The framework that manages best, manages least” or something like that.
Even in the original it didn’t necessarily mean the least amount of government, but that because of the structure, less intervention was required.
This doesn’t directly boil down to simplicity, but simplicity is the easiest way to reduce management overhead. That’s why things like wikis, agile programming, and lightweight project management tools like Basecamp are so popular. But what do you do when complexity is needed? Fine grained authorization, detailed workflow, complex views, localization, etc. (More on this later.)
A good framework should not have complex configuration, obscure conventions, or rigid patterns.
On the one hand, Rails is very good at this. You can build sites with Rails without really understand Ruby or Rails. On the other, it’s very difficult to go outside the Rails box. Rails has improved, or rather techniques have been learned that make this doable. For the most common 80% of tasks, though, I’d say Rails sets the standard for getting out of the way.
Rails’ philosophy of “convention over configuration” works in Rails because for the most part, it gets the intuitive part of convention right. It also benefits from being an early comer (in at least the current round) among frameworks. Many imitators who diverge do so at their own peril, first because Rails did an exceptionally good job, and second, because “The Rails Way” (good book by the way, by Obie Fernandez. Don’t think I’m plugging for him though, I don’t know him, but my uninformed personal opinion of him isn’t positive.) has become a de facto standard of comparison with most other frameworks that came after it.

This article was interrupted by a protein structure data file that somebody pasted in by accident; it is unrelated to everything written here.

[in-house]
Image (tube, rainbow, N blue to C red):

ActiveRecord, however, does a great job at first –it was arguably the defining feature that made Rails popular, but then falls down when you want to go outside the class-is-a-table pattern. Not saying it blocks you, but it gets in the way. ActiveRecord is so valuable for prototyping new applications, however, it’s almost a must for a good framework to support it.
I’d argue a good framework should allow things like ActiveRecord, not necessarily support them. I haven’t yet seen the tool, method, pattern that makes transitioning from ActiveRecord smoothe.
When convention falls down and configuration is needed, then things can get in the way, and perhaps one of Rails’ stumbling blocks is the advanced beginner has had it so easy so far with sensible defaults, that transitioning to manual configuration is as like hitting a wall as hitting the water at high speed can be. If you weren’t going so fast to start with, you’d slip right into the configuration. And after something like Struts or Spring IOC, Rails configuration is like slipping into a jacuzzi after a long traffic jam.
Similar story with URLs. Rails’ page-controller default routing is a thing of beauty, and a true aid to site design all around. But when the page-is-a-controller metaphor breaks down, it’s a pain. Probably more because you tend to think that way and choose that as the wrong pattern when you shouldn’t have. Also, without an easily customizable front controller, pages classes tend to have too much “baked” in, and the complexity is in the wrong place.
The thing I like most about Rails is how well it does “get out of the way”, and the thing I like about CodeIgniter is that it accomplishes it almost as well, but transparently, and could benefit from some of Rails’ magic. Which leads to my next requirement for the ideal framework:
Being obvious about what it’s doing.